Arizona v. Hicks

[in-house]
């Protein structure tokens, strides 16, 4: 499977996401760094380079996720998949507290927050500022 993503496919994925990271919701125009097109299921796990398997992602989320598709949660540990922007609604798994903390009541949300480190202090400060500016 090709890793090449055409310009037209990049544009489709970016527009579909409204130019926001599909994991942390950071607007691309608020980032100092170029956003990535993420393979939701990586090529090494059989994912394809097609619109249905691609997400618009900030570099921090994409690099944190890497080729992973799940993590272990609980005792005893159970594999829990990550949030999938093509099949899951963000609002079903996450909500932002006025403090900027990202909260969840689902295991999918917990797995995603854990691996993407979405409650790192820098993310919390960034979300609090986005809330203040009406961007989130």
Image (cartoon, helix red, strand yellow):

In Arizona v. Hicks (1987) 480 U.S. 321, the police had entered an apartment after a gunshot had been fired into it. Their warrantless entry into the apartment to investigate and to aid any injured occupants was held to have been justified; and their discovery of guns, masks, and expensive stereo equipment, in plain sight once they were inside, was held to provide them probable cause to believe the stereo equipment was stolen. But no exigency justified the officers in then examining the equipment without a warrant in order to verify from a serial number on the bottom that it was stolen. The serial number was not in plain sight to the officers from a place where they were justified in being. The officers' examination of the serial numbers on the bottom of the equipment was unrelated to the objectives that had authorized their intrusion into the defendant's apartment--the determination whether any occupant of the apartment needed aid. Examining the bottom of the equipment constituted "a new invasion of respondent's privacy unjustified by the exigent circumstance that validated the entry"--a warrantless search--because it exposed otherwise-concealed portions of the premises and its contents. (Id. at p. 325.) The officers lawfully entered the defendant's apartment in search of weapons after shots were fired from the apartment. (Id. at p. 323.) One of the officers noticed expensive stereo equipment that appeared to be out of place in the squalid apartment. (Ibid.) Suspecting that the items had been stolen, the officer read and recorded the serial numbers. (Ibid.) However, in order to do so, he moved some of the equipment. (Ibid.) This movement, the Supreme Court held, constituted a search for which probable cause was required (id. at pp. 324, 326); the prosecution conceded that the officer did not have probable cause to believe the equipment was stolen until he moved it (id. at p. 326); and therefore, the court held further, the movement of the equipment constituted an illegal search (id. at pp. 326-327).The Supreme Court held that the officers did not have legal justification to move the equipment, and therefore the serial numbers thus brought into view could not lead to admissible evidence. Id. at 325. Upholding an order suppressing the seizure, the Supreme Court ruled as follows: But taking action, unrelated to the objectives of the authorized intrusion, which exposed to view concealed . . . contents, did produce a new invasion of respondent's privacy unjustified by the exigent circumstance that validated the entry. This is why . . . the "distinction between 'looking' at a suspicious object in plain view and 'moving' it even a few inches" is much more than trivial for purposes of the Fourth Amendment. . . . A search is a search, even if it happens to disclose nothing but the bottom of a turntable. Id. at 325. Significantly, the Court ruled that a police officer must have probable cause, not merely reasonable suspicion, to believe that the discovery of an item during a search, which was not the focus of the search, is evidence of a crime or is contraband. Id. at 326. In Arizona v. Hicks, the Court held that an officer's movement of stereo equipment to view serial numbers constituted a search. Id. at 325. In that case, however, officers entered an apartment based on the "exigent circumstance" of the discharge of a weapon within the apartment. Consequently, a search was clearly involved because the officers intruded into an area in which the defendant had a reasonable expectation of privacy. By further moving the stereo equipment, the officers expanded the warrantless search beyond the scope justified by the exigent circumstances on which their initial entry was based. Id.